A study by Welp et al. (2013) examined this issue and concluded that the leakage was small and well within the WMO compatibility guidelines. However, the drying approach used by Welp et al. (2013) is not directly comparable to that of the GAUGE sites as they used dry sample gas as the counter purge rather than zero air. That study also only examined two water contents (0 % or 2 % H2O) and conducted only dry (0 % H2O) experiments on samples with CO2 and CH4 mole fractions above ambient concentrations. Considering the importance of water in gas transport across the membrane (Chiou and Paul, 1988) and the range of water contents observed in undried air samples measured within the DECC–GAUGE network (up to 3.5 % H2O), further investigation of this issue was required.
As such, this paper also aims to quantify the magnitude of Nafion® CO2 and CH4 transport using the drying method used at the DECC–GAUGE TT sites along with errors associated with instrument-specific water corrections. It also examines how these might change within the range of H2O, CO2 and CH4 mole fractions typically observed at these sites. The importance of these errors is assessed in comparison to the WMO internal reproducibility guidelines (WMO, 2018), which incorporate not only the instrumental precision but also uncertainties related to other components such as sample collection and measurement including drying. These internal reproducibility guidelines are typically half the WMO recommended compatibility goals, which, unlike the reproducibility guidelines, are driven by the need for compatibility between data sets.
2.1 Site descriptions
Two new tall tower sites, Heathfield (HFD; 50.977∘ N, 0.231∘ E) and Bilsdale (BSD; 54.359∘ N, 1.150∘ W), were established at existing telecommunication towers in December 2013 and January 2014 respectively. The general set-up of these sites is similar to that described for the DECC sites in Stanley et al. (2018) and the locations of these two new sites relative to the sites described in Stanley et al. (2018) are shown in Fig. 1.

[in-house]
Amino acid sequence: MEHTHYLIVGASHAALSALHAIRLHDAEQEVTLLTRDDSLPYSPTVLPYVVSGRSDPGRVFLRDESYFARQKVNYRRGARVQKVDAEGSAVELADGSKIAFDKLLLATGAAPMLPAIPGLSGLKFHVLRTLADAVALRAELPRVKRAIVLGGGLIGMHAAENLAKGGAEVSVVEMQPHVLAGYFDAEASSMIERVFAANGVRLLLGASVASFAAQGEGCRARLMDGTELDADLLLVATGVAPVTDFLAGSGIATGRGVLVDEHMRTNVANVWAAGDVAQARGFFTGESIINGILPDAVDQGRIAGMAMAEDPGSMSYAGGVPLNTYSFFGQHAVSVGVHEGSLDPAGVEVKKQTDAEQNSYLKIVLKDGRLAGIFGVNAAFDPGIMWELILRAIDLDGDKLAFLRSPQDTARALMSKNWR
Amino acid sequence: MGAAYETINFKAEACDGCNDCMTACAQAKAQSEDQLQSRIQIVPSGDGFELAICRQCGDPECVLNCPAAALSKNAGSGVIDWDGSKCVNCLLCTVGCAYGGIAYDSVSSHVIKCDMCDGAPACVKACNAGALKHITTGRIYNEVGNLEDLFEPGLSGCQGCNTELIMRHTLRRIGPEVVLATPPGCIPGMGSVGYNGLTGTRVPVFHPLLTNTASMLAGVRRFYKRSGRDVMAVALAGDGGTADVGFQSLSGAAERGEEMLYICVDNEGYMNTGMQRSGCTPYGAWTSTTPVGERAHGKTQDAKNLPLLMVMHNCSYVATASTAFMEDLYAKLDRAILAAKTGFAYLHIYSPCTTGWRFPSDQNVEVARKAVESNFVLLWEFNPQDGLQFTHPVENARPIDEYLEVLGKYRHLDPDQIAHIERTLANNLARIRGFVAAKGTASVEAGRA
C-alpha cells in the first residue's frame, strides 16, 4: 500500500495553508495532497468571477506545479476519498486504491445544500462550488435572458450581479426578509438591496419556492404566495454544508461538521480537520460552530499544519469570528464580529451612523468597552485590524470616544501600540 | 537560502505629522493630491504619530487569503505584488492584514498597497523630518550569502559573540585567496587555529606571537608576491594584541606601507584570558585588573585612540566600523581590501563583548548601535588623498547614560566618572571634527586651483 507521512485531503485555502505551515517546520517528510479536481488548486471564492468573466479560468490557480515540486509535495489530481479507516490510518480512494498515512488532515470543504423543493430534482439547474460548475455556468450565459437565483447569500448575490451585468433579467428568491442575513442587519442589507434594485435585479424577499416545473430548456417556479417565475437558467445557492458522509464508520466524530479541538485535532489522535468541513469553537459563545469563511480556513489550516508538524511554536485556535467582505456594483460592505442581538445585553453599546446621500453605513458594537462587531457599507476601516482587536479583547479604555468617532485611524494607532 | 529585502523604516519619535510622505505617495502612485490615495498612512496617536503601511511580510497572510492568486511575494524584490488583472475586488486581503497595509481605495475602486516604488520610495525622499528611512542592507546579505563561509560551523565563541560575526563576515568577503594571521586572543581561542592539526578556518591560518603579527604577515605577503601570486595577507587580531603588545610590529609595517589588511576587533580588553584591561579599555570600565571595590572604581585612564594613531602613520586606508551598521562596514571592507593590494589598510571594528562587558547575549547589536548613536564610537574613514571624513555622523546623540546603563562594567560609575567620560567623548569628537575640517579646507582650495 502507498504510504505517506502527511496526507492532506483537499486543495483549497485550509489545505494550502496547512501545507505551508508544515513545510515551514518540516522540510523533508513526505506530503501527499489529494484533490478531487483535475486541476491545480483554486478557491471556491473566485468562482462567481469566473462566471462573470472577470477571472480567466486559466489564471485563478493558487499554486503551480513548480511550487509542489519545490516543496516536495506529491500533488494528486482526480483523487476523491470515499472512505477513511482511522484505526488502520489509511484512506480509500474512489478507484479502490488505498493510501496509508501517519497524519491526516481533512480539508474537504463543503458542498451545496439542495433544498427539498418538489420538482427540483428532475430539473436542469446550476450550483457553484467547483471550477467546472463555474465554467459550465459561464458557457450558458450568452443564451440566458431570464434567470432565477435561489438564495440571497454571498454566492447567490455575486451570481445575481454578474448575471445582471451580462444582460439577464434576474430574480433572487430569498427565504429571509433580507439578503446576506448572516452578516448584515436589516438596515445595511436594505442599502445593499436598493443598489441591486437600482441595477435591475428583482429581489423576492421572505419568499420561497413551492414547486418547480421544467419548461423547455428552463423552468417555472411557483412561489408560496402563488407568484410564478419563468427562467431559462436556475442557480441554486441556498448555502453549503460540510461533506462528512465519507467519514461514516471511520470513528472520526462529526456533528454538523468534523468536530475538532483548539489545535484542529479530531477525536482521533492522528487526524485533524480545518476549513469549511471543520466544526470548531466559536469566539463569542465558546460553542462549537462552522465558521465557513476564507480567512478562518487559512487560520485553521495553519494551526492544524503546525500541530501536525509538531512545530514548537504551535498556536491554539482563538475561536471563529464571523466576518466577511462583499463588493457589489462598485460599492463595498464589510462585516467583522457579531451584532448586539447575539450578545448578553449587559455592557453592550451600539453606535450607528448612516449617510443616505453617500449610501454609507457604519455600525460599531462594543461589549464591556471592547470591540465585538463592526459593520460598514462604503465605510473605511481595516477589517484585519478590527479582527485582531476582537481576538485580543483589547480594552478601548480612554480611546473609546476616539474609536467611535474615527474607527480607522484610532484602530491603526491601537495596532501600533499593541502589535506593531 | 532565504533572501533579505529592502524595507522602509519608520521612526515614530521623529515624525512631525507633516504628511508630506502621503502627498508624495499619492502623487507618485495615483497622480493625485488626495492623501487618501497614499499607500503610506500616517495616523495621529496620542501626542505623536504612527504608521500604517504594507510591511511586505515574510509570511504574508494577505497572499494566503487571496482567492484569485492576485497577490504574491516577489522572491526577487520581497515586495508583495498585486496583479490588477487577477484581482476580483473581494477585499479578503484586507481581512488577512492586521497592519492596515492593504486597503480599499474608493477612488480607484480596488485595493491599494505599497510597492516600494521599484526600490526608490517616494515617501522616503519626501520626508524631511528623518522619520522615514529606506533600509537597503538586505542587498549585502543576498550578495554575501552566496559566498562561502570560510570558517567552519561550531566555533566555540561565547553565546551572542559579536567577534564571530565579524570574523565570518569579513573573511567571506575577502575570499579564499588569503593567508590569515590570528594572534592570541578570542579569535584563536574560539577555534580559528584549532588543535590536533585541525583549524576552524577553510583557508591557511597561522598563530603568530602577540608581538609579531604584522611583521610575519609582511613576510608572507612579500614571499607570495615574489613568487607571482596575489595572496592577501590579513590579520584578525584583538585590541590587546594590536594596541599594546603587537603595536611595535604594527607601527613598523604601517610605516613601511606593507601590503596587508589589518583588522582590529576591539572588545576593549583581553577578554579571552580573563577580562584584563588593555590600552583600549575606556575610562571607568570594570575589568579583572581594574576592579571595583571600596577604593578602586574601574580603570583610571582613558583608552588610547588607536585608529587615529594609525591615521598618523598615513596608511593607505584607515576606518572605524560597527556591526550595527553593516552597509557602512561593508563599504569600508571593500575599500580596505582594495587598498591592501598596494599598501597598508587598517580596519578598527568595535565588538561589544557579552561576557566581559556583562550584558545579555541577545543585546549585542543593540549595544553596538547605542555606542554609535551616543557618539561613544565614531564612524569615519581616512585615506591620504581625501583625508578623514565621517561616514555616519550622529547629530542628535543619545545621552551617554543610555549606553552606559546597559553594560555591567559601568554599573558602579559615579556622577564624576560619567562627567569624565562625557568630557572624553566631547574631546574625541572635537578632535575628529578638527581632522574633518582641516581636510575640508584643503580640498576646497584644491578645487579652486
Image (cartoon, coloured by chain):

The Heathfield tower is located in rural East Sussex, 20 km from the coast and 157.3 m above sea level. The closest large conurbation (Royal Tunbridge Wells) is located 17 km NNE from the tower. The area surrounding the tower is > 90 % woodland and agricultural area with some residential (0.7 %) and light industrial areas (0.3 %) (East Sussex in figures, 2006). Notable local industry includes a large horticultural nursery located only 200 m north of the tower.
Bilsdale is a remote moorland plateau site within the North York Moors National Park. The base of the tower is located 379.1 m a.s.l. It is 25 km NNW of Middlesbrough (the closest large urban area) and 30 km from the coast. The tower is situated in a predominantly rural area, including moorland, woodland, forest and farmland (North York Moors National Park Authority, 2012; Chris Blandford Associates, 2011).
Inverted stainless steel intake cups were mounted at 42, 108 and 248 m a.g.l. (metres above ground level) on the BSD tower and 50 and 100 m a.g.l. at HFD. Air was pulled through the intake cups via 1∕2 in. Synflex Dekabon metal–plastic composite tubing (Eaton, USA) and a 40 µm filter (SS-8TF-40, Swagelok, UK) using a line pump (DBM20-801 linear pump, Gast Manufacturing, USA) operating at > 15 L min−1. The instruments located at the sites subsampled from the tower intakes via a T-piece prior to the line pump. Further details can be found in Stanley et al. (2018).
Both sites are equipped with a CRDS (G2401 Picarro Inc., USA, CFKADS2094 and CFKADS2075 deployed at Bilsdale and Heathfield respectively) taking high-frequency (0.4 Hz) CO2, CH4, CO and H2O measurements. A GC coupled to a micro-electron capture detector (GC–ECD, Agilent GC-7890) is used to measure N2O and SF6 every 10 min. For further instrumental details, including flow diagrams and column details, see Stanley et al. (2018).